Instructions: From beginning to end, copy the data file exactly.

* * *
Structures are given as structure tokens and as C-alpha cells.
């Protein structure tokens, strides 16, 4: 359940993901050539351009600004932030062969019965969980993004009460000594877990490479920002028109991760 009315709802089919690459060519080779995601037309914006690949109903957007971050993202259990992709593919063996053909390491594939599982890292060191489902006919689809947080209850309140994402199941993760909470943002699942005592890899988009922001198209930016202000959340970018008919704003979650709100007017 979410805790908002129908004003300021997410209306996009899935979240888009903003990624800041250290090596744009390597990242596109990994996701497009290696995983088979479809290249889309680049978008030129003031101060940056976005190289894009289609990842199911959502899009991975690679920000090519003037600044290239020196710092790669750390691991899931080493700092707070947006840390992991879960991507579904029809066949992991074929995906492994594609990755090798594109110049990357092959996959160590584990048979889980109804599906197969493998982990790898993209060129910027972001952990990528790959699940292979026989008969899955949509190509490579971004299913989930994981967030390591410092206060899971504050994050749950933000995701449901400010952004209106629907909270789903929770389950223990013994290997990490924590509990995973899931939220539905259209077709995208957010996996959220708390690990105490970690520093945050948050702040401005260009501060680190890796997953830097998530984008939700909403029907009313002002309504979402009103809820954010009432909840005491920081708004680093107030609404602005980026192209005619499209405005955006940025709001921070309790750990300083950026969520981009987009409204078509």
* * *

Structures are given as structure tokens and as C-alpha cells.
């Protein structure tokens, strides 16, 4: 359940993901050539351009600004932030062969019965969980993004009460000594877990490479920002028109991760 009315709802089919690459060519080779995601037309914006690949109903957007971050993202259990992709593919063996053909390491594939599982890292060191489902006919689809947080209850309140994402199941993760909470943002699942005592890899988009922001198209930016202000959340970018008919704003979650709100007017 979410805790908002129908004003300021997410209306996009899935979240888009903003990624800041250290090596744009390597990242596109990994996701497009290696995983088979479809290249889309680049978008030129003031101060940056976005190289894009289609990842199911959502899009991975690679920000090519003037600044290239020196710092790669750390691991899931080493700092707070947006840390992991879960991507579904029809066949992991074929995906492994594609990755090798594109110049990357092959996959160590584990048979889980109804599906197969493998982990790898993209060129910027972001952990990528790959699940292979026989008969899955949509190509490579971004299913989930994981967030390591410092206060899971504050994050749950933000995701449901400010952004209106629907909270789903929770389950223990013994290997990490924590509990995973899931939220539905259209077709995208957010996996959220708390690990105490970690520093945050948050702040401005260009501060680190890796997953830097998530984008939700909403029907009313002002309504979402009103809820954010009432909840005491920081708004680093107030609404602005980026192209005619499209405005955006940025709001921070309790750990300083950026969520981009987009409204078509």